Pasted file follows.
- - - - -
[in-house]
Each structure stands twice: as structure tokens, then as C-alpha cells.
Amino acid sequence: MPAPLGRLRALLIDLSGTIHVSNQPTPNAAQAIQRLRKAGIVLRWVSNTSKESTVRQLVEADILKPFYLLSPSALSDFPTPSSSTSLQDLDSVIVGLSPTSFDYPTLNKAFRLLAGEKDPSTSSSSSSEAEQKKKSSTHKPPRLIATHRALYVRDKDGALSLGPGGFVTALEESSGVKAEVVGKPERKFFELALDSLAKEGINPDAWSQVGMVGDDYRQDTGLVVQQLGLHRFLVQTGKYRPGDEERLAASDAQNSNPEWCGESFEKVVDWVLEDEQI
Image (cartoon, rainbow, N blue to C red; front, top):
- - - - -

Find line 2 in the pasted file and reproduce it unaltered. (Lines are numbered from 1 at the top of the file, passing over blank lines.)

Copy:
Each structure stands twice: as structure tokens, then as C-alpha cells.